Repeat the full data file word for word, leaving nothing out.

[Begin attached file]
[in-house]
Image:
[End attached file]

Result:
[in-house]
Image: